Song of Scarabaeus

Sara Creasy
Song of Scarabaeus Cover

Song of Scarabaeus


This was my random pick in the WOGF challenge.

Edie is an exceptionally talented cyphtech - a technology that enables Edie to mesh biology, genetics and computer science. On one level she can interface with spaceships, computer systems etc. to control, maintain or override them. At another level, using 'wet-tech' she can control biology and genetics via her thought processes.

The Crib is the 'evil empire' of the novel - it's an organisation that has the technology to change planets ecosystems into ones that can support human life. The problem for settlers is that The Crib hold keystones (think licence keys for temporary usage of software) that if the settled worlds don't pay for in turn haemorrages their economy and ecosystems and turns the planets into inhospitable mush. Of course The Crib exploit the usage of keystones as a brutal yet effective mode of taxation.

Edie as a cyphtech is one of the few people who has the capability with her thought processes to change a world from unhabitable to fit for settling. Therefore she is very valuable to The Crib.

Space Pirates (known as rovers in the book) kidnap Edie to utilise her skills in effect to extract the technology from failed planets and to free the Fringe worlds from the oppression of The Crib.

The issue is of course that Edie doesn't have many options in this. She was rejected from her home world due to being a 'half-breed', feels used as a (valuable) slave by The Crib and of course is taken by the rovers against her will.

To ensure compliance and ostensibly for her safety she is leashed to Finn. Finn is a serf - in effect and indentured slave bought and sold. Serfs are criminals but in the book are treated as less than human. The leash is a nasty piece of tech. If Finn moves more than 2000 metres away from Edie or if Edie dies his head will explode!

Edie ends up journeying to Scarabaeus to extract the tech but she's been here before...

The premise of the novel is pretty decent but I really struggled to get into it and once I reached the middle third I really wanted to drop the book but perservered as it was the last in the WOGF challenge.

I found the 'hard sci-fi' quite difficult to grasp at first and potentially would have benefitted from a re-read of the background to the tech. I think Creasy has a good idea of her world but I didn't really think there was a lot of depth to it. I wanted to know more about The Crib and it's history. In the novel it just came across as a faceless evil empire of taxation - Robin Hood in space.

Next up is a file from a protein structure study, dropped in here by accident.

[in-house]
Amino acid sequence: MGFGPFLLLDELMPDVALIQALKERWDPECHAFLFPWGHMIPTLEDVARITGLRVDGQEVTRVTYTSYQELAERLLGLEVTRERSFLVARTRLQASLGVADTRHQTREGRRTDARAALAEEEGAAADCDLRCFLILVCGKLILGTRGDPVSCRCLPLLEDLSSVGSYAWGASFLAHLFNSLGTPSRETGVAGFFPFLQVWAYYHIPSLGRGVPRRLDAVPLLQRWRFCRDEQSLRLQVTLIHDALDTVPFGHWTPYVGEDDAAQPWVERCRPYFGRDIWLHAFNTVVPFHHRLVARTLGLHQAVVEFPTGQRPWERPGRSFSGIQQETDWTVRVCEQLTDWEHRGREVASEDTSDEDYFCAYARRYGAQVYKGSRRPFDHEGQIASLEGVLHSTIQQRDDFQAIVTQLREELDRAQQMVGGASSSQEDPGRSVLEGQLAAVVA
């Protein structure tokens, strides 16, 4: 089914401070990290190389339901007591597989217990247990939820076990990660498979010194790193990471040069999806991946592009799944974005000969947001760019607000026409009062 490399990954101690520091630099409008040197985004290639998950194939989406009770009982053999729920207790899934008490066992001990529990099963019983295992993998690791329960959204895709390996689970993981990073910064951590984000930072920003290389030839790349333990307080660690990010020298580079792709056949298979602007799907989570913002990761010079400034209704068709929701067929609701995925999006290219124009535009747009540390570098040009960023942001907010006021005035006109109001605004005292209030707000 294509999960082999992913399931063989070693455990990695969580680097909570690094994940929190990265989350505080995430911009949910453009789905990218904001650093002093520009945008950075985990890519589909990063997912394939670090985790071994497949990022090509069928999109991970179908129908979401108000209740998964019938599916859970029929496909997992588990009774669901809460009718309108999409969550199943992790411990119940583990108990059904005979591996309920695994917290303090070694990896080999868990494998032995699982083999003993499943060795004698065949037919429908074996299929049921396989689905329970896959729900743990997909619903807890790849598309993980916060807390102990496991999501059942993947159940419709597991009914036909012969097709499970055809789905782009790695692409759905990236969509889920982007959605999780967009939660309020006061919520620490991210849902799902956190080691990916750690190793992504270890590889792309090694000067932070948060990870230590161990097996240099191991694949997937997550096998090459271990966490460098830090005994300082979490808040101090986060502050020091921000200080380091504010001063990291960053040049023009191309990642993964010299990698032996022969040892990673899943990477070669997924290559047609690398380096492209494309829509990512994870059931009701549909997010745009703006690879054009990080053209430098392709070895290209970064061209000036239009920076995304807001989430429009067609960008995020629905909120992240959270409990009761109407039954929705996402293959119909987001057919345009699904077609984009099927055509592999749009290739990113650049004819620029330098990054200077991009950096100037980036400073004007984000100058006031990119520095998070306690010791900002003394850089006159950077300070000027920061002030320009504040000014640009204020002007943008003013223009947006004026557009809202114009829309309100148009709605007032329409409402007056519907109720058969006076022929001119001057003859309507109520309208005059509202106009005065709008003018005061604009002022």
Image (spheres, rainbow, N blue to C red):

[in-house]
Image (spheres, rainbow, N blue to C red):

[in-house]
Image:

The novel also seemed like a series of stand alone episodes - Edie gets kidnapped, goes on a spaceship, goes to Scarabaeus, goes back on spaceship.

I wasn't overly immersed with the two central characters - Edie is often waiting for Finn to save her and comes across as a damsel in distress at times. However, it is clear that her skills do not lie in dishing out violence. Finn seems an archetype. Strong, silent, hard to read who then softens as the novel continues. He in contrast is good at violence. Finn isn't meant to be one dimensional but I found him very predicatable. There is an undercurrent of romance between Edie and Finn which I am not sure works.

There is a lot of moral ambiguity of the characters, in particular the crew of the Hoi Poilloi - the rovers ship. Some of them are downright despicable. What is nice is that in some contexts characters are good but in others take actions which most would not probably support.

The world of Scarabaeus is painted quite well and it reminded me of some of H. G. Wells world building and was the highlight of the book.

The end third of the book did seem to drag but the finale picked up a fair bit. In terms of the space opera genre I think it doesn't stack up well with others in the genre.